The use of the blockchain by experts in the healthcare arena is on the increase. In fact, nearly half of execs reported that they plan to use blockchain solutions within their companies. These findings emerged in the recent PwC Health Research Institute survey.
However, there are still implementation challenges which include the lack of trust, expertise, and governance.
Barriers in Blockchain Adoption
The blockchain is inherently secure by design. It can increase trust among the stakeholders. However, 47% of the 74 global healthcare companies that participated in the survey pointed emphasized the lack of trust. Therefore, it is a major roadblock in the use of this technology.
Additionally, they cited the lack of expertise as a major barrier. As many as 61% of the execs indicates the lack of appropriate technological skills as the reason for the bottlenecks in the system.
Furthermore, among the other concerns are the lack of a governance structure (43%), regulatory uncertainty (39%), and operational concerns (36%).
The Way Forward
Regarding the processes in the healthcare field, the authors of the survey state:
“Blockchain could simplify and automate these processes, in some cases saving companies weeks of effort, revenue and lost opportunities. Companies that are slow to change may lose out to ones that use the technology to cut costs and increase efficiencies.”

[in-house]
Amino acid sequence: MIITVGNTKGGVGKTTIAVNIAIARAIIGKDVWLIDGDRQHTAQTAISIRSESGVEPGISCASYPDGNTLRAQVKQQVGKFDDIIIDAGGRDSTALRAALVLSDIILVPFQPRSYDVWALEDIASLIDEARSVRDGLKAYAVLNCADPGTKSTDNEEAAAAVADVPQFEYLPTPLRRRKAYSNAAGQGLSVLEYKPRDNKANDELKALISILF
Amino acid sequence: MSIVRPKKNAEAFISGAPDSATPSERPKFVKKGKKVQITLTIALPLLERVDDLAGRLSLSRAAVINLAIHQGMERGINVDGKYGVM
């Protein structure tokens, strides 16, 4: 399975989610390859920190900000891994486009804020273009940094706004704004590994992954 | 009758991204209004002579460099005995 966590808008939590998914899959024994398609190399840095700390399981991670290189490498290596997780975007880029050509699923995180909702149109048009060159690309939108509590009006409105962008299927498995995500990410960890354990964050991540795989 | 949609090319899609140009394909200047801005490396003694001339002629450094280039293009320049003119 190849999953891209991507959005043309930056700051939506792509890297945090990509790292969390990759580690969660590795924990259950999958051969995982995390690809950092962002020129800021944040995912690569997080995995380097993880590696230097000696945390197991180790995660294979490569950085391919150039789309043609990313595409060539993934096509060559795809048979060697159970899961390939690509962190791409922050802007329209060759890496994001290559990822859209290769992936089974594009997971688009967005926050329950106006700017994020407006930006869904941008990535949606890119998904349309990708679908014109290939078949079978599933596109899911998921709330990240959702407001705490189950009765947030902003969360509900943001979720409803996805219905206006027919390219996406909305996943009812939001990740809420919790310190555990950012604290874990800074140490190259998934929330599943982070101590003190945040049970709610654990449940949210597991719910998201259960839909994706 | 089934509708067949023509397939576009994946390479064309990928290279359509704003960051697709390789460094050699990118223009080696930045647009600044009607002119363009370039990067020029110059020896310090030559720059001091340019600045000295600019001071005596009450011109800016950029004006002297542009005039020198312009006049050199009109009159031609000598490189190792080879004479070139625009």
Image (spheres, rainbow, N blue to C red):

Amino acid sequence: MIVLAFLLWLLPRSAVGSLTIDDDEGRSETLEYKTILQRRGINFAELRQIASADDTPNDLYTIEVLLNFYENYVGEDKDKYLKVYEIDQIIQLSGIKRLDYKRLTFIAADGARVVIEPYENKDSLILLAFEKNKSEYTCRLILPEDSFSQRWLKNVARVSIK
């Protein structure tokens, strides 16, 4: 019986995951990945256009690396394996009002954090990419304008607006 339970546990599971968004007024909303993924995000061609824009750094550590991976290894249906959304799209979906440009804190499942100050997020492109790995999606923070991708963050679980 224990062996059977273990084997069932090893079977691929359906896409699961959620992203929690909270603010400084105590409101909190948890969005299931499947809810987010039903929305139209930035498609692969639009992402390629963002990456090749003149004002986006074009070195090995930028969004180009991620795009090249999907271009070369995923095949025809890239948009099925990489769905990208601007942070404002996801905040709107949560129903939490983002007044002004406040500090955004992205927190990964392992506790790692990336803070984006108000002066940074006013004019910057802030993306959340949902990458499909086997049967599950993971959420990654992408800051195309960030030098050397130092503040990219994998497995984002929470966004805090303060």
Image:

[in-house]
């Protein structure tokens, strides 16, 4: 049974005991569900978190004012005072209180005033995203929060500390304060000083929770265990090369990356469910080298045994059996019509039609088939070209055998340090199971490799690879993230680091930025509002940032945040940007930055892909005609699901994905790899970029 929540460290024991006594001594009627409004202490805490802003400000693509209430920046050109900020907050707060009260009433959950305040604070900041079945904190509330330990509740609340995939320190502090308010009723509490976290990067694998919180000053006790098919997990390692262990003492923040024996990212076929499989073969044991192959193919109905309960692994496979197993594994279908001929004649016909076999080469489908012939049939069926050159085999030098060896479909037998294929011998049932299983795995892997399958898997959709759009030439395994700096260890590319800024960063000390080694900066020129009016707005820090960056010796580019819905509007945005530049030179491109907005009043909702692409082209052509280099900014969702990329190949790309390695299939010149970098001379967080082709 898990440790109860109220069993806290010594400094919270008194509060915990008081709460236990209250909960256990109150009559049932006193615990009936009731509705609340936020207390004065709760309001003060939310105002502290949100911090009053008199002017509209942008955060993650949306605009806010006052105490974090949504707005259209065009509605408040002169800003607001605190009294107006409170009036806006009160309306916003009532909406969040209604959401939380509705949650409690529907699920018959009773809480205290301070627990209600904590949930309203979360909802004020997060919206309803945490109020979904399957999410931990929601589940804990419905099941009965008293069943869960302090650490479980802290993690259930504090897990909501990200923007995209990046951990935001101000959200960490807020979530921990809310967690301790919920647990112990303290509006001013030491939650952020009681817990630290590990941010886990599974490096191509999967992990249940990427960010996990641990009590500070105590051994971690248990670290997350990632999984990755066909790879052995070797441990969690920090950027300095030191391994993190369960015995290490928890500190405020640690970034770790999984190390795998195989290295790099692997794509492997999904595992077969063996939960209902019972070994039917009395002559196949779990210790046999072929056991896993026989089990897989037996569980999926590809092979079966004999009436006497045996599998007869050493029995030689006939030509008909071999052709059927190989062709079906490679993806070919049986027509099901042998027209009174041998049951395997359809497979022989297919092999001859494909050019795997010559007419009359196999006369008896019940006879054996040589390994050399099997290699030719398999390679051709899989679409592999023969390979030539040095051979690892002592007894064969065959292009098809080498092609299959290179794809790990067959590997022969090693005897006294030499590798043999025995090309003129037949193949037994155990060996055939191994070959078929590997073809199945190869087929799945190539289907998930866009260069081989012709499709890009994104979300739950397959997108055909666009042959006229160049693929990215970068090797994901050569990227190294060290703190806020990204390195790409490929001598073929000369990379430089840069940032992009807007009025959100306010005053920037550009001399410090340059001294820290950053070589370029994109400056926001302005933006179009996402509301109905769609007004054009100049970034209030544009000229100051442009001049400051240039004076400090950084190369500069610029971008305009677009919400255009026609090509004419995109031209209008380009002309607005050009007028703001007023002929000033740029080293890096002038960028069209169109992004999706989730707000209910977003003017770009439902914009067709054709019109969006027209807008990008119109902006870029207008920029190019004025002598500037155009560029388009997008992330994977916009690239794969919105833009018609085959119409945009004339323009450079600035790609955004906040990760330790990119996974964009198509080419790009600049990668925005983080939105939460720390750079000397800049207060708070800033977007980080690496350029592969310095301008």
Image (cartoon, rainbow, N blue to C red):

The above statement echoes a recent Deloitte survey. The latter found that over the past year, leaders have been seeing the blockchain as a tangible and practical solution rather than just a theoretical concept.
According to the PwC Health Research Institute, the blockchain will have a major impact in provider and payer credentialing. Currently, the process of confirming the credentials of a new clinician takes months and these delays cause a lot of revenue loss.
Furthermore, it adds, “Processes that take weeks or months could be accomplished in days.”
In conclusion, “Blockchain-based technologies offer substantial opportunities to reinvent how healthcare companies access, collect, distribute, share, leverage, monitor and audit data. Executives should determine to what extent the blockchain might affect their operations and those of their partners,” the authors explained.
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